Arthritis in Albrecht Durer’s “Praying Hands”

Ariana Shaari
New York, New York, United States

 

Durer's illustration of the birth of Mary

Figure 1. Life of the Virgin 4: The Birth of the Virgin. Alfred Durer. 1503, Woodcut, Staatliche Graphische Sammlung, Munich. Source

Albrecht Durer is considered one of the masters of German Renaissance art and has been dubbed “the da Vinci of the North.” He is especially esteemed for elevating printmaking to an art form and for deeply psychological and technically impressive works on religious subjects such as Life of the Virgin and Meisterstiche (Figure 1, 2).1

Durer was highly influenced by Italian Renaissance art and theory. During visits to Italy in the early 1500s, he dove into studies of human anatomy and wrote Four Books of Human Proportion.2 Durer spent time in Padua, which was a hub of European medicine. This allowed him to observe sick people and study their illnesses.3

Durer's drawing of a knight on horseback
Figure 2. Meisterstiche, The Knight. Alfred Durer.  Source

Previous scholars have analyzed Durer’s work through a medical lens. In his article “Hydrocephalus(?): Albrecht Durer, 1506,” physician Leon Goldman argues that in the drawing Heads of Children, Durer investigates nasal deformities and explores his interest in “scientific studies of the proportions of the human body” to such a high level of detail that “the pediatrician or the student of anthropology will have to decide whether hydrocephalus is present.”

One of Durer’s works that explores the human form is Praying Hands, made in 1508 in Vienna (Figure 3).

The piece’s intended function is highly debated. Some scholars believe it is an early sketch intended for the Hellar Altar, but a more generally accepted theory is that it was meant to showcase his technical talent. Christof Metzger, a renowned scholar, points out research that suggests that the hands are actually Durer’s, and this work is a self-portrait.4 On further investigation into Durer’s life and artistic interests, Praying Hands becomes not just a showcase of Durer’s talent, but also an exquisite depiction of arthritis.

A set of hands held in the prayer position. The background is blue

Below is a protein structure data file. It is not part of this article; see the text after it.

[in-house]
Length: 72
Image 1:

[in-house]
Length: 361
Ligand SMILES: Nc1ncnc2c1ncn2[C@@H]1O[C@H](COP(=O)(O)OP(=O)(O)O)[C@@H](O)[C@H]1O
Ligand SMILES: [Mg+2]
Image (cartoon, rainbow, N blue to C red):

Figure 3. Praying Hands. Albrecht Durer. 1508. Drawing. Albertina, Vienna

With this in mind, a few notable characteristics are worth discussing. The hands are clasped nearly perfectly together, with extreme care and precision taken to detail the vasculature, nail beds, and delicate workings of the skeletal system under the surface of the carefully contoured skin. The fifth finger on the right hand is not extended in the same manner as the other digits. The diagnosis of arthritis in the painting has even been suggested to be a subtle symptom of diabetes mellitus, in which the patient is not able to fully clasp hands together because of joint immobility. Limited joint mobility, or diabetic cheiroarthropathy, is hand stiffness that results from tightened skin and flexion contractures.5 A diagnosis of diabetes could help explain why the person depicted is unable to fully extend the joints.

While evidence for a diagnosis of diabetes specifically is not supported by strong historical or artistic evidence, the case for arthritis is. Previous scholarly work has demonstrated that later in his life, Durer suffered from arthritis in his hands.6 By careful analysis of depictions of Durer’s family members, many of whom were artists themselves, one notes clear depictions of joint swelling typical of arthritis. Arthritis is also seen in sixteenth century engravings and paintings in three members of the Durer family.7

Did Durer intend for this to be a depiction of his own arthritis? We do not know, and we should be cognizant of the pitfalls and dangers of making a diagnosis in retrospect. But putting together Durer’s own art, his family history, and previous scholarly work, makes Praying Hands an important painting of a Renaissance master who had an interest in human anatomy and perhaps suffered from that medical condition himself.

 

 

Endnotes

  1. History, H. T. o. A. Albrecht Dürer (1471–1528). Retrieved from https://www.metmuseum.org/toah/hd/durr/hd_durr.htm
  2. (History)
  3. Praying Hands. Retrieved from http://www.albrechtdurer.org/praying-hands/ Sharma, P. (1997). Medicine, Dürer, and the praying hands. The Lancet, 349.
  4. Praying Hands. Retrieved from http://www.albrechtdurer.org/praying-hands/
  5. (“Limited Joint Mobility in Diabetes Mellitus: The Clinical Implications,” 2011)
  6. Albrecht Dürer – Biography and Legacy. Retrieved from https://www.theartstory.org/artist/durer-albrecht/life-and-legacy/
  7. Clinic, M. Arthritis. Retrieved from https://www.mayoclinic.org/diseases-conditions/arthritis/symptoms-causes/syc-20350772

 


 

ARIANA SHAARI is a senior at Barnard College, Columbia University majoring in psychology. Her love of literature and art history fuels her pursuit of a career in medicine.

 

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